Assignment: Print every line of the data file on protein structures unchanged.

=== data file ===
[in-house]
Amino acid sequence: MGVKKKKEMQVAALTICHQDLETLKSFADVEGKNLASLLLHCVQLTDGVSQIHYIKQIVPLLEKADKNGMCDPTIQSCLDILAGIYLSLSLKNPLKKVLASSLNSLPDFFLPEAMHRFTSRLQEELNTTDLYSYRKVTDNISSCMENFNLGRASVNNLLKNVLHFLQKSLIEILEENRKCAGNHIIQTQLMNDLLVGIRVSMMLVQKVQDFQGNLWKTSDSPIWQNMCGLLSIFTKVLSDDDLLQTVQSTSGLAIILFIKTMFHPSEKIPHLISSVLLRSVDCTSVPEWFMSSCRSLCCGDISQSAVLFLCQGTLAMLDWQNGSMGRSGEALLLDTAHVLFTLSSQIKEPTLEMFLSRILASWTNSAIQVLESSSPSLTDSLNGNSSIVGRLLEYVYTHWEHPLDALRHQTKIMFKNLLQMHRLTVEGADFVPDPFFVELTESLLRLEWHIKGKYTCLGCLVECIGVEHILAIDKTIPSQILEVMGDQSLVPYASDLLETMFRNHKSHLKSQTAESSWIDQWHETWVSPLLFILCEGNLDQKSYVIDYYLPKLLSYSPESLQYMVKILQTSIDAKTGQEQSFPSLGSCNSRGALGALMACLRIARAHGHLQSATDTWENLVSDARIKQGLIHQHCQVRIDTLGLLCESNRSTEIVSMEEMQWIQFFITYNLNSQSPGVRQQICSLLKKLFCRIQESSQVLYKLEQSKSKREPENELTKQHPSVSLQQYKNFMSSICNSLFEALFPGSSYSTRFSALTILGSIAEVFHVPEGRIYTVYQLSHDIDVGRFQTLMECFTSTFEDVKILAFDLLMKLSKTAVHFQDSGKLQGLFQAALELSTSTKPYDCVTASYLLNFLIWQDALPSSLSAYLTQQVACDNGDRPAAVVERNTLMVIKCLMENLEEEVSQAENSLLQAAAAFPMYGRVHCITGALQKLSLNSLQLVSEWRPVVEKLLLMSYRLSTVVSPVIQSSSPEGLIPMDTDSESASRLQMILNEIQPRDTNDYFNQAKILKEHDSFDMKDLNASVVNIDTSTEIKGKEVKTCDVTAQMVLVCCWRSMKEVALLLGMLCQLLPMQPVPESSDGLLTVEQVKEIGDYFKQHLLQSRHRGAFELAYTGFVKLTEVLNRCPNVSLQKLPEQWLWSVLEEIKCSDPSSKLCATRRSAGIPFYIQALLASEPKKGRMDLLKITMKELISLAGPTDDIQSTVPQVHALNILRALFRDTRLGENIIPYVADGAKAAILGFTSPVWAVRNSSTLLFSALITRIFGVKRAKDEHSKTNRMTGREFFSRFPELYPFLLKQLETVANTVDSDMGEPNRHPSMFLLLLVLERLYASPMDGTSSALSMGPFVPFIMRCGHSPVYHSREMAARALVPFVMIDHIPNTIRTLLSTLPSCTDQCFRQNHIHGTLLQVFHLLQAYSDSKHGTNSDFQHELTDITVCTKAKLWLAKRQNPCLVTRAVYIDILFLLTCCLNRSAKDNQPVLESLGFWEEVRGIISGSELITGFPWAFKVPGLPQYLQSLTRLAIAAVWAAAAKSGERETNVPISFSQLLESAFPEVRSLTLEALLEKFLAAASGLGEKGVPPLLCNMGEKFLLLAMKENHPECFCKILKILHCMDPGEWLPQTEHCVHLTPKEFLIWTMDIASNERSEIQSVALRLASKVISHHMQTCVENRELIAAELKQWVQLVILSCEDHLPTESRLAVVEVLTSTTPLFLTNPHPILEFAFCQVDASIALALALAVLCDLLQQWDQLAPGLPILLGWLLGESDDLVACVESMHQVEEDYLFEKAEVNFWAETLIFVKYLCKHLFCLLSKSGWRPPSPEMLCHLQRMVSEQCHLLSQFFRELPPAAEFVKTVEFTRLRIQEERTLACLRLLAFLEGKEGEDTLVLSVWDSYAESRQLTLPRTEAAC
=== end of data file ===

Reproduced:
[in-house]
Amino acid sequence: MGVKKKKEMQVAALTICHQDLETLKSFADVEGKNLASLLLHCVQLTDGVSQIHYIKQIVPLLEKADKNGMCDPTIQSCLDILAGIYLSLSLKNPLKKVLASSLNSLPDFFLPEAMHRFTSRLQEELNTTDLYSYRKVTDNISSCMENFNLGRASVNNLLKNVLHFLQKSLIEILEENRKCAGNHIIQTQLMNDLLVGIRVSMMLVQKVQDFQGNLWKTSDSPIWQNMCGLLSIFTKVLSDDDLLQTVQSTSGLAIILFIKTMFHPSEKIPHLISSVLLRSVDCTSVPEWFMSSCRSLCCGDISQSAVLFLCQGTLAMLDWQNGSMGRSGEALLLDTAHVLFTLSSQIKEPTLEMFLSRILASWTNSAIQVLESSSPSLTDSLNGNSSIVGRLLEYVYTHWEHPLDALRHQTKIMFKNLLQMHRLTVEGADFVPDPFFVELTESLLRLEWHIKGKYTCLGCLVECIGVEHILAIDKTIPSQILEVMGDQSLVPYASDLLETMFRNHKSHLKSQTAESSWIDQWHETWVSPLLFILCEGNLDQKSYVIDYYLPKLLSYSPESLQYMVKILQTSIDAKTGQEQSFPSLGSCNSRGALGALMACLRIARAHGHLQSATDTWENLVSDARIKQGLIHQHCQVRIDTLGLLCESNRSTEIVSMEEMQWIQFFITYNLNSQSPGVRQQICSLLKKLFCRIQESSQVLYKLEQSKSKREPENELTKQHPSVSLQQYKNFMSSICNSLFEALFPGSSYSTRFSALTILGSIAEVFHVPEGRIYTVYQLSHDIDVGRFQTLMECFTSTFEDVKILAFDLLMKLSKTAVHFQDSGKLQGLFQAALELSTSTKPYDCVTASYLLNFLIWQDALPSSLSAYLTQQVACDNGDRPAAVVERNTLMVIKCLMENLEEEVSQAENSLLQAAAAFPMYGRVHCITGALQKLSLNSLQLVSEWRPVVEKLLLMSYRLSTVVSPVIQSSSPEGLIPMDTDSESASRLQMILNEIQPRDTNDYFNQAKILKEHDSFDMKDLNASVVNIDTSTEIKGKEVKTCDVTAQMVLVCCWRSMKEVALLLGMLCQLLPMQPVPESSDGLLTVEQVKEIGDYFKQHLLQSRHRGAFELAYTGFVKLTEVLNRCPNVSLQKLPEQWLWSVLEEIKCSDPSSKLCATRRSAGIPFYIQALLASEPKKGRMDLLKITMKELISLAGPTDDIQSTVPQVHALNILRALFRDTRLGENIIPYVADGAKAAILGFTSPVWAVRNSSTLLFSALITRIFGVKRAKDEHSKTNRMTGREFFSRFPELYPFLLKQLETVANTVDSDMGEPNRHPSMFLLLLVLERLYASPMDGTSSALSMGPFVPFIMRCGHSPVYHSREMAARALVPFVMIDHIPNTIRTLLSTLPSCTDQCFRQNHIHGTLLQVFHLLQAYSDSKHGTNSDFQHELTDITVCTKAKLWLAKRQNPCLVTRAVYIDILFLLTCCLNRSAKDNQPVLESLGFWEEVRGIISGSELITGFPWAFKVPGLPQYLQSLTRLAIAAVWAAAAKSGERETNVPISFSQLLESAFPEVRSLTLEALLEKFLAAASGLGEKGVPPLLCNMGEKFLLLAMKENHPECFCKILKILHCMDPGEWLPQTEHCVHLTPKEFLIWTMDIASNERSEIQSVALRLASKVISHHMQTCVENRELIAAELKQWVQLVILSCEDHLPTESRLAVVEVLTSTTPLFLTNPHPILEFAFCQVDASIALALALAVLCDLLQQWDQLAPGLPILLGWLLGESDDLVACVESMHQVEEDYLFEKAEVNFWAETLIFVKYLCKHLFCLLSKSGWRPPSPEMLCHLQRMVSEQCHLLSQFFRELPPAAEFVKTVEFTRLRIQEERTLACLRLLAFLEGKEGEDTLVLSVWDSYAESRQLTLPRTEAAC